ShareThis Page
UPMC Mercy moving women’s care to Magee |

UPMC Mercy moving women’s care to Magee

Emily Balser
| Thursday, January 10, 2019 10:20 a.m
Kristina Serafini | Tribune-Review
This file photo shows a newborn wearing a blue swaddling blanket with stars on it and a red, white and blue knit cap in celebration of the Olympics at Magee-Womens Hospital of UPMC on Thursday, Feb. 8, 2018.

UPMC plans to transition its inpatient women’s health, obstetrics and neonatal intensive care unit from UPMC Mercy to UPMC Magee-Womens Hospital.

Officials said in a news release Thursday that UPMC Magee already provides deliveries as well as other clinical care provided by specialists for high-risk mothers and newborns. UPMC Magee clinicians deliver nearly 9,000 babies each year and its neonatal intensive care unit treats almost 2,000 seriously or critically ill babies every year.

With the construction of the new UPMC Vision and Rehabilitation Hospital set to break ground in coming months UPMC Mercy is poised to grow its clinical services. Mercy offers specialized patient care services including rehabilitation services, a new digestive health center and enhanced treatment for addiction.

“Concentrating UPMC’s local obstetric services at Magee, which is less than two miles away from Mercy and is one of the nation’s premier women’s specialty hospitals, is a prudent use of organizational resources,” said Michael Grace, president of UPMC Mercy. “In working through the transition, we acknowledge the importance of our Catholic mission and that many patients who chose Mercy for childbirth do so for our dedication and adherence to the Catholic faith.”

The transition begins in March.

Dr. Richard Beigi, president of UPMC Magee, said it has a practice of being respectful of individual moral and religious principles, while at the same time providing comprehensive reproductive services for women.

“Our hospital has extensive experience caring for women of all religions, and a chaplain from the Diocese of Pittsburgh is available on-site to provide spiritual care for new and expectant Catholic mothers,” he said. “In addition, we are enhancing collaboration between Mercy and Magee to ensure Catholic patients’ needs are met.”

Beigi said the transition of care for pregnant patients to Magee is a “very high priority” and they are working with each patient currently under the care of Mercy clinicians to thoroughly plan for her new delivery location.

UPMC Mercy employees affected are being offered the opportunity to apply for vacant positions at Mercy, Magee and other UPMC hospitals and physician offices.

UPMC Magee is planning tours for expectant mothers so they can become familiar with the hospital. Patients with questions about clinical services or transition specifics can call 412-641-1960.

Emily Balser is a Tribune-Review staff writer. You can contact Emily at 724-226-4680, or via Twitter @emilybalser.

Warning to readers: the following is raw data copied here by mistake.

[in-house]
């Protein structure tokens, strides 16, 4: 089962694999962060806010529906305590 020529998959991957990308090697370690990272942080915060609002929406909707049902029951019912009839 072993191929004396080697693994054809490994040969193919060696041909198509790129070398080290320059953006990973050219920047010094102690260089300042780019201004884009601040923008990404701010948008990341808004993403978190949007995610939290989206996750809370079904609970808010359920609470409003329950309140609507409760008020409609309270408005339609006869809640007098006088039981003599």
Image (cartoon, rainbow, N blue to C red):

Emily Balser is a Tribune-Review staff writer. You can contact Emily at 412-871-2369, or via Twitter .

TribLIVE commenting policy

You are solely responsible for your comments and by using you agree to our Terms of Service.

We moderate comments. Our goal is to provide substantive commentary for a general readership. By screening submissions, we provide a space where readers can share intelligent and informed commentary that enhances the quality of our news and information.

While most comments will be posted if they are on-topic and not abusive, moderating decisions are subjective. We will make them as carefully and consistently as we can. Because of the volume of reader comments, we cannot review individual moderation decisions with readers.

We value thoughtful comments representing a range of views that make their point quickly and politely. We make an effort to protect discussions from repeated comments either by the same reader or different readers

We follow the same standards for taste as the daily newspaper. A few things we won't tolerate: personal attacks, obscenity, vulgarity, profanity (including expletives and letters followed by dashes), commercial promotion, impersonations, incoherence, proselytizing and SHOUTING. Don't include URLs to Web sites.

We do not edit comments. They are either approved or deleted. We reserve the right to edit a comment that is quoted or excerpted in an article. In this case, we may fix spelling and punctuation.

We welcome strong opinions and criticism of our work, but we don't want comments to become bogged down with discussions of our policies and we will moderate accordingly.

We appreciate it when readers and people quoted in articles or blog posts point out errors of fact or emphasis and will investigate all assertions. But these suggestions should be sent via e-mail. To avoid distracting other readers, we won't publish comments that suggest a correction. Instead, corrections will be made in a blog post or in an article.